Developments In The Fraud Standard
Two recent Trademark Trial and Appeal Board (“TTAB” or the “Board”) precedential opinions have shed additional light on the fraud standard. See our webpage entitled, Challenging Trademark Applications And Registrations on Fraud and Nonuse Claims, for more general information on this topic. See Illyrian Import, Inc. v. ADOL Sh.p.k ., 2022 USPQ2d 292 (TTAB 2022) [precedential], where the elements of fraud are clearly set forth. Fraud occurs when an applicant for registration or a registrant in a declaration of use or in a renewal application knowingly makes specific false material representations of fact with the intent of obtaining or maintaining a registration to which it is not entitled. See also, In re Bose Corp., 580 F.3d 1240, 91 USPQ2d 1938 (Fed. Cir. 2009). Fraud claims must be proven by clear and convincing evidence.
In Illyrian Import, Inc., opposer failed to prove by clear and convincing evidence that the applicant knew there was a party with superior rights in the subject mark. Opposer argued that the applicant falsely claimed ownership of the subject trademark since applicant knew a third party owned and had a registration for the subject mark in design form that was cancelled several years ago. The Board determined that the applicant did not have this knowledge on the date it filed its trademark application with the USPTO, and that the applicant had a “reasonable belief” it had the right to use the mark in the U.S. The Board stated that even assuming the statements were false, the record didn’t show that the applicant knew it was false. Therefore, the applicant could not have intended to deceive the Trademark Office. The fraud claim was dismissed. This is an important distinction when it comes to proving a fraud claim. The Board will not find fraud if the evidence shows it was made with a reasonable belief to be true.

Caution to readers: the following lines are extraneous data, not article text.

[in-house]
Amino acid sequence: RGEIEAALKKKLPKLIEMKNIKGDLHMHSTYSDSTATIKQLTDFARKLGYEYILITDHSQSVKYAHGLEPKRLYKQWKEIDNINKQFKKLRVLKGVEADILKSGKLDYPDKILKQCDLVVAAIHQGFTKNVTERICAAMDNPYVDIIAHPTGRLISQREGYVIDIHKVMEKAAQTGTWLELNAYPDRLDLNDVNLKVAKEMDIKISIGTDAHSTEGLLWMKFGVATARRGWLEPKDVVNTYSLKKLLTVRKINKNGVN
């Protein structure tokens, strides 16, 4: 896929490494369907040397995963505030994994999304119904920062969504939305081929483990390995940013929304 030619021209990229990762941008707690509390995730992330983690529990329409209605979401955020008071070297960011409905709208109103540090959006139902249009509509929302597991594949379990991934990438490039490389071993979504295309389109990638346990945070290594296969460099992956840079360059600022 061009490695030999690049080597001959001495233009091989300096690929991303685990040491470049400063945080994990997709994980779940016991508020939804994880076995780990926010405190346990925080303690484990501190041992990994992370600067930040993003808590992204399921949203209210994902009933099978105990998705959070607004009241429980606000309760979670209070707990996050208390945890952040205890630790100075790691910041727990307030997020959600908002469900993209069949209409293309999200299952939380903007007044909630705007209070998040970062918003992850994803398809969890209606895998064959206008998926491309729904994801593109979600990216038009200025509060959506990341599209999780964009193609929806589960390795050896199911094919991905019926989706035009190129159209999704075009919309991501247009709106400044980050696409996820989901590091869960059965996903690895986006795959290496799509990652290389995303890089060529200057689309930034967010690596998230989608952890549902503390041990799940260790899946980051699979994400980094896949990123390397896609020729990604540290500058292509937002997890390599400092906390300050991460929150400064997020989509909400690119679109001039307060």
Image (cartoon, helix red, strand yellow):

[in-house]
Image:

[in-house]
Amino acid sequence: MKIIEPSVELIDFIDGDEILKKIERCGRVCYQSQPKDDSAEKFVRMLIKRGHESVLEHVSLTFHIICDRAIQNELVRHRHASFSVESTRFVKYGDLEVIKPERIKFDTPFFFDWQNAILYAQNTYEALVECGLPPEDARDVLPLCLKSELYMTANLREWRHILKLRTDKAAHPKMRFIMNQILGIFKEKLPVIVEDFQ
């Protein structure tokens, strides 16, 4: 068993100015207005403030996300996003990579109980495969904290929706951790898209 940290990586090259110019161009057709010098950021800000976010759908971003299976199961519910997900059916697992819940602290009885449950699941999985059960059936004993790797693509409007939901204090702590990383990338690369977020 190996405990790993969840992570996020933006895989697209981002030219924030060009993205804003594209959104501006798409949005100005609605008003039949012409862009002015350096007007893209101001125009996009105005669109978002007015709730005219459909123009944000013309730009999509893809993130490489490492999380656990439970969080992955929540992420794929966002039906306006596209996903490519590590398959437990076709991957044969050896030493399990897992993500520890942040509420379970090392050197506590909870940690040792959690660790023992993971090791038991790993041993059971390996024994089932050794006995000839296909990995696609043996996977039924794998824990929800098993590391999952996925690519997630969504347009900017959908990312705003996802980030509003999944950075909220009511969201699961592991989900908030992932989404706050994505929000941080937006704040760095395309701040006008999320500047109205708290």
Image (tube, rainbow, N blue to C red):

In another important precedential decision, Chutter, Inc. v. Great Management Group, LLC and Chutter Inc. v. Great Concepts, LLC, 2012 USPQ2d 1001 (TTAB 2021) [precedential], the Board clarified that having a reckless disregard for the truth will fulfill the intent to deceive requirement. Although the Court of Appeals for the Federal Circuit has held that intent to deceive is an indispensable element of the analysis in a fraud case, See In re Bose, 91 USPQ2d at 1941, Chutter Inc., where it was determined that “reckless disregard for the truth” will satisfy this element. The Board stated, “as a matter of law [that] reckless disregard satisfies the requisite intent for fraud on the USPTO in trademark matters.” In Chutter Inc., a Section 15 Affidavit of Incontestability was filed despite two proceedings pending involving the subject trademark. This factual scenario here differs from that in In re Bose, where there was a use in commerce question, and whether that use was sufficient. In addition, the registrant in In Chutter Inc., when presented with the opportunity to correct the false filing, made no remedial steps.
The following definitions are relevant: “Reckless disregard” is defined as the “conscious indifference to the consequences of an act.” See BLACK’S LAW DICTIONARY (11th ed. 2019) under “Disregard.” The Restatement of Torts defines “recklessness” as the “conscious disregard” of a substantial risk of harm. Restatement (Second) Of Torts § 500 (1965). An appropriate inquiry into the accuracy of the statements in a declaration is required. With the Chutter Inc. matter now decided it is still important to remember that the party instituting a fraud claim has a very heavy burden to meet. Any doubt must be resolved in favor of the party being charged with fraud. See Smith Int’l Inc. v. Olin Corp., 209 USPQ 1033 (TTAB 1981). If you have questions on the subject matter, please contact the firm for a courtesy consultation.